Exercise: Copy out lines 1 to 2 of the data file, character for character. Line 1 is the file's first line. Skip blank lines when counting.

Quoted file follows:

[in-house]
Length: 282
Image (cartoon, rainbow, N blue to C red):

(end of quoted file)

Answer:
[in-house]
Length: 282